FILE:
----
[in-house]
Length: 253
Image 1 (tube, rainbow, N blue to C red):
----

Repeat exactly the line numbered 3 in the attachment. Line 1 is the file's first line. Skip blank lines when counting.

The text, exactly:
Image 1 (tube, rainbow, N blue to C red):